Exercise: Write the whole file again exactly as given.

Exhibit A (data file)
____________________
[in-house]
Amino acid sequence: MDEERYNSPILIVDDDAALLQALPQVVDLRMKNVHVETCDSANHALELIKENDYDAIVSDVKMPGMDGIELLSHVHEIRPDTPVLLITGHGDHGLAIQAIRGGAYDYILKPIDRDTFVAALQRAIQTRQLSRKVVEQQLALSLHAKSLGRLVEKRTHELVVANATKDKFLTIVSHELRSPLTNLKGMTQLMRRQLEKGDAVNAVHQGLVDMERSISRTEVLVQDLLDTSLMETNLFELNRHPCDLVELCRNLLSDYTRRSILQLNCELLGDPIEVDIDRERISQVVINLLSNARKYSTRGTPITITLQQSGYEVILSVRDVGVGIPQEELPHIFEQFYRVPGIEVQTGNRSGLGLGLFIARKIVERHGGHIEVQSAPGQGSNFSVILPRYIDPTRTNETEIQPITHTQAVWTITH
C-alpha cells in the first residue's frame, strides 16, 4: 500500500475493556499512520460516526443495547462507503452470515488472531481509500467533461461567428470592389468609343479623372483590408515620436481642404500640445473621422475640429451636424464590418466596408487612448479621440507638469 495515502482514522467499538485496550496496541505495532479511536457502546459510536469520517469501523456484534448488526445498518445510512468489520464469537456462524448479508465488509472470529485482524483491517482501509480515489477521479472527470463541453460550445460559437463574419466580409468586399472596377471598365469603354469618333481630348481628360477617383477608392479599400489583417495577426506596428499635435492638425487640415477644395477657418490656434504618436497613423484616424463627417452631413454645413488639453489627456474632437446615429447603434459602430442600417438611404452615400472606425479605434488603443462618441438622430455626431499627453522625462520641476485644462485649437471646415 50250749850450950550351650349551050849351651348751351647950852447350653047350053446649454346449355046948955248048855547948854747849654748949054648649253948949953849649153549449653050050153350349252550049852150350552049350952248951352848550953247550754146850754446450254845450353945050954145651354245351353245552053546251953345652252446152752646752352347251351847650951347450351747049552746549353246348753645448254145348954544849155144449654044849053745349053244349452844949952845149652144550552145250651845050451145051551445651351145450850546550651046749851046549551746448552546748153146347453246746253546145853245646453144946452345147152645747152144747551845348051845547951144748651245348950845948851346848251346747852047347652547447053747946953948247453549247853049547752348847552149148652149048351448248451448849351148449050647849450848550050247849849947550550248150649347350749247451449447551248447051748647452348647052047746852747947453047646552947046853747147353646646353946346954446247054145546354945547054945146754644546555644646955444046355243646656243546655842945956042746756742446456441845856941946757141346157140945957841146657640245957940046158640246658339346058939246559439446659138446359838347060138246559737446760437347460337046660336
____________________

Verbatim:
[in-house]
Amino acid sequence: MDEERYNSPILIVDDDAALLQALPQVVDLRMKNVHVETCDSANHALELIKENDYDAIVSDVKMPGMDGIELLSHVHEIRPDTPVLLITGHGDHGLAIQAIRGGAYDYILKPIDRDTFVAALQRAIQTRQLSRKVVEQQLALSLHAKSLGRLVEKRTHELVVANATKDKFLTIVSHELRSPLTNLKGMTQLMRRQLEKGDAVNAVHQGLVDMERSISRTEVLVQDLLDTSLMETNLFELNRHPCDLVELCRNLLSDYTRRSILQLNCELLGDPIEVDIDRERISQVVINLLSNARKYSTRGTPITITLQQSGYEVILSVRDVGVGIPQEELPHIFEQFYRVPGIEVQTGNRSGLGLGLFIARKIVERHGGHIEVQSAPGQGSNFSVILPRYIDPTRTNETEIQPITHTQAVWTITH
C-alpha cells in the first residue's frame, strides 16, 4: 500500500475493556499512520460516526443495547462507503452470515488472531481509500467533461461567428470592389468609343479623372483590408515620436481642404500640445473621422475640429451636424464590418466596408487612448479621440507638469 495515502482514522467499538485496550496496541505495532479511536457502546459510536469520517469501523456484534448488526445498518445510512468489520464469537456462524448479508465488509472470529485482524483491517482501509480515489477521479472527470463541453460550445460559437463574419466580409468586399472596377471598365469603354469618333481630348481628360477617383477608392479599400489583417495577426506596428499635435492638425487640415477644395477657418490656434504618436497613423484616424463627417452631413454645413488639453489627456474632437446615429447603434459602430442600417438611404452615400472606425479605434488603443462618441438622430455626431499627453522625462520641476485644462485649437471646415 50250749850450950550351650349551050849351651348751351647950852447350653047350053446649454346449355046948955248048855547948854747849654748949054648649253948949953849649153549449653050050153350349252550049852150350552049350952248951352848550953247550754146850754446450254845450353945050954145651354245351353245552053546251953345652252446152752646752352347251351847650951347450351747049552746549353246348753645448254145348954544849155144449654044849053745349053244349452844949952845149652144550552145250651845050451145051551445651351145450850546550651046749851046549551746448552546748153146347453246746253546145853245646453144946452345147152645747152144747551845348051845547951144748651245348950845948851346848251346747852047347652547447053747946953948247453549247853049547752348847552149148652149048351448248451448849351148449050647849450848550050247849849947550550248150649347350749247451449447551248447051748647452348647052047746852747947453047646552947046853747147353646646353946346954446247054145546354945547054945146754644546555644646955444046355243646656243546655842945956042746756742446456441845856941946757141346157140945957841146657640245957940046158640246658339346058939246559439446659138446359838347060138246559737446760437347460337046660336